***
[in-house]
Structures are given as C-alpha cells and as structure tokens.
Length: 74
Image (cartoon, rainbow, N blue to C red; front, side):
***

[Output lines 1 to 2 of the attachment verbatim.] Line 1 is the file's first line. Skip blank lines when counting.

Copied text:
[in-house]
Structures are given as C-alpha cells and as structure tokens.